Erotomania Or…?

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E

Letter E is for erotomania, or is it?

                                                                                                                                                     

A to Z entries:  My post for each letter of the alphabet will be anecdotes or musings based on an element from the previous letter’s post.  Names always changed, events always real.

 ~ Letter D was for Drunks and so now, a different kind of impairment…erotomania. ~


At first I thought it was made up.

In the novel I was reading, erotomania was referred to by its other name, de Clérambault’s syndrome. It was so specific and strange, it had to be a fictional syndrome. The story (Enduring Love by Ian McEwan) was about a man who becomes fixated with another man after a passing glance. But in his fixation, he’s convinced that the second man, who lives with his girlfriend, reciprocates his love and communicates it through secrets signs.

It turns out that erotomania is a real-life delusion under which the sufferer believes an admirer communicates love through signals and secret codes.

An erotomaniac might interpret daily gestures of no significance as meaningful: He put a vase of flowers on his cubicle desk knowing I pass by all day on my way to the copy machine, therefore, those flowers are meant for me.

He or she might go as far as devise a code in which the varying degrees of raised or lowered window blinds hold special meaning. Often, sufferers are already diagnosed with schizophrenia.

But what about those of us who supposedly don’t suffer from delusional disorders? In this age of subtweeting and everyone transmitting secret messages through social media, how do you distinguish between your non-psychotic personal delusions and someone actually making secret declarations about you?

The answer is, you usually don’t.

Or you can cleverly subtext back in a public social media forum with just the right balance of ambiguity and specificity to make it interesting to the ones who have no stake in the matter, and dangle right back the same carrot from the one who is the object of your attention.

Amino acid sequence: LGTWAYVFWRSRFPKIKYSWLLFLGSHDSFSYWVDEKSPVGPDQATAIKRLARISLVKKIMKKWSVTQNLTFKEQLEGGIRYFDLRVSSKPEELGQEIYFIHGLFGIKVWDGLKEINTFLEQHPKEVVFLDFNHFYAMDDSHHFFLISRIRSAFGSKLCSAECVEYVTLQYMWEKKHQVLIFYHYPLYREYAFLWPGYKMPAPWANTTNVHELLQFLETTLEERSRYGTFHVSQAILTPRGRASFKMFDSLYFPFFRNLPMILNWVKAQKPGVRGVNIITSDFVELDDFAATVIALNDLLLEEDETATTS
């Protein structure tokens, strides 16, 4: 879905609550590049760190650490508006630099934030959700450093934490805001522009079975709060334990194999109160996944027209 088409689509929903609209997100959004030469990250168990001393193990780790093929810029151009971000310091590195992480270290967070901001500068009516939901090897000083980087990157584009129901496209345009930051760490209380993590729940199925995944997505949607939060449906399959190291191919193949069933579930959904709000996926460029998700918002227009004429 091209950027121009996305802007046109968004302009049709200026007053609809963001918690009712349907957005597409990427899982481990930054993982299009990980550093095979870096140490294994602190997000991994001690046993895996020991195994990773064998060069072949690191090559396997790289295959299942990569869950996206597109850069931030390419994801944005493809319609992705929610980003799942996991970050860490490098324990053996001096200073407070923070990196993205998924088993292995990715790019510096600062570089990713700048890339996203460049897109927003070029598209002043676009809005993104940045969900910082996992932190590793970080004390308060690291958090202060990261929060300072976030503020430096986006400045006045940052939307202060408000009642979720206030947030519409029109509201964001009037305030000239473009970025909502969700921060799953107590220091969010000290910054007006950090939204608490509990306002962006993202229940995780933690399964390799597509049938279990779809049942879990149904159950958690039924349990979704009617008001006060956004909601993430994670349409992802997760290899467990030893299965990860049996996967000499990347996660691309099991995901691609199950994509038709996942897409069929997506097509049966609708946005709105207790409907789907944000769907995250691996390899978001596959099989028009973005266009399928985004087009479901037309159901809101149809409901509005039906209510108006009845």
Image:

You can pingpong that carrot for a long time without either of you knowing for sure that it’s happening.

I was big on declarations that were in plain view but only unmistakable to the person in question. Like this Facebook post from 2011:

I lived on the streets of Florence for three weeks when I was seventeen. All these years later, I have a permanent sense of kinship, even claim, to Florence, like Neil Armstrong must to the moon.

The words were all true, but only one person in the world understood the subtext was about him because of a single identifying feature.

If you’re familiar with Gunmetal Geisha, you know my attitude to relationships is a seven-headed Hydra. My heart is steadfast even as it wanders, and I devote a lot of brain time and prose poems to it:

Give me unrequited love over requited apathy. All that pining is a cosmos of suns and shooting stars, and the moment just before the first kiss is the eternal instant before galactic combustion. I would spend a lifetime prolonging that moment before a first kiss, or all first kisses, if love didn’t run the show.

This is a symptom of an unattached individual who has eschewed marriage and family, for better or worse.

So, I get to indulge like a teen with fantasy, play and infatuation, blurring even for myself, that in my heart, I can hold love steadier than the still-standing pillars of all mythos. Maybe love without focus diffuses in all directions; maybe focused love is the hero’s boon at journey’s end.

When it comes to those I’ve loved from afar or up close, I’ve been certain of one thing: I’m not capable of loving someone who doesn’t love me.

Can you see how this could be a huge problem, not unlike the problem of the erotomaniac?

That’s because it means as long as I love someone, I’m convinced that they love me back, no matter all torment, obstacles and evidence to the contrary.

One of the most exciting aspects in the people I’m into, is how much they’re into me. And the reverse holds true for them. It’s returned admiration that feeds admiration. But how often do we imagine returned admiration?

I happen to be as painfully cerebral as I am emotional, but it doesn’t stop me from putting stock into my gut feelings.